They gave birth duly. None of their youngsters ran, however, to keep their metabolisms relatively neutral, free of epigenetic and other changes otherwise initiated by exercise. The researchers hoped, in this way, to track the effects of their mothers’ exercise through this sedentary generation. For the same reason, they bred only males from this middle generation, eliminating any potential effect of womb conditions on the babies.

The resulting male and female grandchildren also remained sedentary and ate normal food throughout their lives.

But from birth, mice with active grandmothers were thinner than others, and in males, they had denser and healthier bones. Most interestingly, as the animals moved into middle age, those with inactive grandmothers began to develop poor blood sugar control and worsened insulin sensitivity, signaling potential, and incipient diabetes. These conditions are common with age and inactivity in both rodents and people.

But they didn’t show up if grandma was running. Those mice with an active grandmother maintained relatively healthy blood sugar control and insulin sensitivity into old age, despite being inactive themselves. (Their grandmothers’ ordinary diets, high-fat or normal, hadn’t mattered, the researchers also found, only their exercise.)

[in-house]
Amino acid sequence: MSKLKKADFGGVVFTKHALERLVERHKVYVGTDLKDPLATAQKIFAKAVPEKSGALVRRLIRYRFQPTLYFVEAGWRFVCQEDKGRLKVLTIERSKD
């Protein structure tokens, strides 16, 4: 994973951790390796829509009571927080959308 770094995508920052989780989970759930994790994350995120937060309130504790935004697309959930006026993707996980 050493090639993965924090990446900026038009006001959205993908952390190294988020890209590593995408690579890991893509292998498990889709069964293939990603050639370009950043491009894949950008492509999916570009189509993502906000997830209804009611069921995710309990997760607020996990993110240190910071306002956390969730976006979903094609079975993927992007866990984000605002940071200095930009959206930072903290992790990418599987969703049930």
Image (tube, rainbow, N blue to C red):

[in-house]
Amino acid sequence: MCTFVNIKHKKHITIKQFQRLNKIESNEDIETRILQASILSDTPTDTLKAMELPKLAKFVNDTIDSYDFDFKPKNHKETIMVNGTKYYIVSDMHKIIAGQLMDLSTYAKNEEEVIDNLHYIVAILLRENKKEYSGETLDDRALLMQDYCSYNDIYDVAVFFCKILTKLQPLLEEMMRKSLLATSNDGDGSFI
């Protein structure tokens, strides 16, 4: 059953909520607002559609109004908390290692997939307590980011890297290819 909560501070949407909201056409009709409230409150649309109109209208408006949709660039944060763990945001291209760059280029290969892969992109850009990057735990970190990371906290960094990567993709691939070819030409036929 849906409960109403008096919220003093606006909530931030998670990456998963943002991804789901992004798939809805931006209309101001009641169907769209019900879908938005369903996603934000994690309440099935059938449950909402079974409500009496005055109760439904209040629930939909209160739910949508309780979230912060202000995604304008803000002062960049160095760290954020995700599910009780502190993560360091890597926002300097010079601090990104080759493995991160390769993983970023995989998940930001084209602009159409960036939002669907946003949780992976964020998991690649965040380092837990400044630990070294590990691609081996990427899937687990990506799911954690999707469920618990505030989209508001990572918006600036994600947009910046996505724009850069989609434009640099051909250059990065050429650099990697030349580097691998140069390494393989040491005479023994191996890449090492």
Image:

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“It was remarkable,” said Ana Alves-Wagner, a senior postdoctoral researcher at the Joslin Diabetes Center and Harvard Medical School, who led the new study. “Exercise had improved the metabolic health of several generations.”

It was obviously a mouse study and impossible to replicate in humans, requiring, as it were, decades of time and draconian coercion over people’s activities, diets, and mating choices. Nor did he examine how, at the molecular level, exercise reshaped the animals’ biology so pervasively that the effects reappeared in later generations.

But Goodyear believes that epigenetics is a key player and that the results likely apply to us, he said, since we share many aspects of our metabolisms and physiological responses to exercise with mice.

If so, the findings become both practical and poignant.

“I was very intrigued when I heard about this study,” said Daniel Lieberman, a professor of human evolutionary biology at Harvard University who studies how physical activity shaped our species during evolution. “Our metabolisms appear to be adapted to respond to environmental cues over generations. We still don’t know the mechanisms by which this happens in mice. Regardless, this study reinforces the view that when we exercise, we’re not just doing it for ourselves.” .

The study, of course, is not meant to criticize any mom or dad-to-be who can’t or chooses not to exercise before having children, Goodyear said. But the results give those of us who choose to work one more reason. Today we can walk or walk for the sake, in part, of the grandchildren expected of tomorrow.

Have a fitness question? e-mail [email protected] and we can answer your question in a future column.